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Brother Mark is a pseudonym of The Reverend Dr Robert Jaggs-Fowler, a clergyman, physician, writer and poet. His biography can be found at: www.robertjaggsfowler.com

Sunday, November 28, 2010

Literary GP Wins Poetry Award

The Scunthorpe Telegraph coverage of the Fathom Prize can be found at:

http://www.thisisscunthorpe.co.uk/whereyoulive/barton/tonic-win-poetry-prize/article-2936608-detail/article.html

Living Means Moving

'RUN FOR YOUR LIVES!

Well, perhaps you can afford to relax for a few moments more and read on before carrying out my first instruction. However, before explaining, I would like to carry out a small experiment, for which I need your assistance.

I want you to turn to the person next to you and check that the person is your 'nearest and dearest', for if they are not I cannot be held responsible the consequences of your next actions.

Now I want you to grasp that person's tummy just above the waistline and tell me how much you can pinch. If it is less than an inch, then you possibly have a 'lean mean fighting machine' as a partner. However, if there is a roll of fat several inches thick, then we might have a problem; if you need more than one hand to do the squeezing then, without question, we have a really big problem. Do not be fooled by his or her claims that it is 'muscle'; if you can squeeze it, it is not muscle, it is fat, and it is making your nearest and dearest very unhealthy, and will probably shorten their life expectancy.

Right, having established the reality of the situation, let me give you a few facts, and then I will explain how you can help me save a few lives, make our population healthier, reduce the cost of the NHS, and allow me to retire early for the want of any patients to see.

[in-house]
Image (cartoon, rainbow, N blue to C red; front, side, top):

Inactivity increases the risk of developing more than six major diseases and, according to the Department of Heath, affects 60-70% of the adult population at a cost to the tax payer of £8.3 billion. Add in some other figures: 24% of adults are affected by obesity (£16 billion), 9% affected through misuse of alcohol (£20 billion) and the 20% who suffer through smoking (£5 billion), and the cost to our economy is astonishing: lifestyle issues cost us £50 billion per year.

That shows the size of the cost to our pockets. However, what about the cost to our health? Well, by taking a little more exercise (and I am not talking about a lot), we can reduce our risk of heart disease by 10%, stroke by 20%, diabetes, bowel cancer and osteoporosis (fragile bones) by 50% each, and the risk of breast cancer declines by 30%.

The official recommendations are to exercise for 60 minutes each day if you are a child, and 30 minutes five times a week if you are an adult; and it doesn't take very much – a good brisk walk is a good starting point, and for those less capable, how about discovering what tai chi is all about?

If your intention is to accept my invitation of a few weeks ago and attend my 120th birthday party, you have got to slim those waistlines. Now is the time to get going. At the very least start walking for your lives – and start today!

(This is article was first published in the Scunthorpe Telegraph on Monday 15th November 2010)

Tuesday, November 23, 2010

Who Cares, Wins

'You're not from round here, are you doctor?'